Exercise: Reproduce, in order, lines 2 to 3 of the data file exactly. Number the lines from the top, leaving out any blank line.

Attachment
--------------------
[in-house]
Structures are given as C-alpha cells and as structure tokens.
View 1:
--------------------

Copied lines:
Structures are given as C-alpha cells and as structure tokens.
View 1: